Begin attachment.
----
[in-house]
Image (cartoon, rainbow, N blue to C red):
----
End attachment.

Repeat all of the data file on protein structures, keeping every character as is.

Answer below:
[in-house]
Image (cartoon, rainbow, N blue to C red):